As predicted, there’s a fair bit of kvelling over the fact that payrolls last month finally recovered the almost nine million jobs lost in the GR (great recession). The figure below, by my CBPP colleague Chad Stone, shows the comeback, but more important from the perspective of this post, the pronounced difference in length it took to get the jobs back (see EPI’s Heidi Shierholz as to why just getting back to zero ain’t the goal).
Why so long? I’ll tick off all the reasons I can think of, in rough hierarchical order (again, as I see them—I don’t have any metrics here), and I suggest readers add any I’ve left out to comments.
–When you’re down so far, it takes longer to come up: The picture clearly shows the role of the depth of the hole in the job market in the GR relative to milder downturns. In fact, eyeballing slopes, you can see that the rate of job growth in this recovery is about the same as the last one. When you’re filling holes at the same rate, it will take longer to fill a deeper hole.
–Policy mistakes: See Krugman, but the aggressive turn to austerity (budget cuts in the face of weak demand), the failure to recognize unique inflation dynamics at the “zero-lower-bound” (including the need for negative real interest rates), and most importantly the refusal to continuing plying fiscal stimulus, are perhaps the best answers to the question of this post.
And depth of the hole is no excuse. If anything, that was a reason to do more. You wanted your policy makers to look at the figure below when jobs were at their trough in early 2010 and conclude: “we’re going to need to significantly beat the slope of the last recovery or else we risk not breaking new ground until…um…as late as May of 2014!” And I can assure that some of your policy makers, or at least their economists, were saying something much like that at the time.
In this regard, political dysfunction is an important part of the answer to “why so long…”
–Unique factors regarding the housing bubble, the wealth effect, balance sheets, etc: One meme here is that busts that result from the collapse of finance are always more protracted than those that result from a supply shock, be that shock exogenous—a disruption in the supply of a key input like oil—or endogenous—the Fed slams on the monetary brakes to prevent overheating.
Meh…I don’t doubt for a second that the loss of trillions in wealth from the bursting of the housing bubble was a factor in the depth of the downturn. We’re a 70% consumer-spending economy and that’s a huge downshift in the wealth effect. Nor do I doubt that debt bubbles are more pernicious and long-lasting than mark-to-market equity bubbles. Banks can’t play extend-and-pretend in the latter case, for example, and deleveraging, risk aversion, the “Minsky moment” (flip from under-pricing to over-pricing risk)—they’re all real factors that made the GR tougher to grow out of than many of its predecessors.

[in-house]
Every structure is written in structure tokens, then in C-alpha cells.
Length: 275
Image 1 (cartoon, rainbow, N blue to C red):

But—and this is my biggest punchline of the downturn, my “what-did-you-learn-Dorothy?” insight—every freakin’ one of these problems was known and was movable by better policy. Mostly temporary fiscal stimulus to offset the demand contraction of the negative wealth effect, but also debt reduction (cramdowns, principle reduction) to clear out that channel as well.
–Trade deficits: The fact that we went into the downturn with large negative trade imbalances meant we went in with a major drag on domestic labor demand, well before the collapse (trade deficit/GDP in ’06 and ’07: -5.5% and -4.9%, historically very big numbers). That means we jumped into a deep hole with a heavy anvil around our neck.
–Inequality: The expansion began in the second half of 2009, but the fact that what growth we’ve generated has gone mostly to the top has likely played a role, again through the consumer spending channel.
–Hysteresis: Or as I like to mellifluously describe it, “once you bend the trend, it’s hard to mend.” See here for details, but once all the factors above were working to slow growth, cyclical problems from the recession became structural ones in the recovery. This is most clearly seen in our depressed labor force participation rate, but the fact of large and persistent gaps in output, jobs, and wage growth this late in the expansion are equally visible forms of proof.
–Global interconnectedness: The fact that so many other economies weakened along similar time frames to our own also made it tougher to more quickly recover. There was a period in there somewhere when practically every advanced economy was talking about export-led growth, the arithmetic of which doesn’t quite work (somebody’s got to import).
I’m sure there’s more but I’ve got other stuff to do. I’ll add other entries as they bubble up. And sure, it’s fun to make lists, but the point is to learn from our mistakes. Or, at least that would be the point if we were capable of doing so.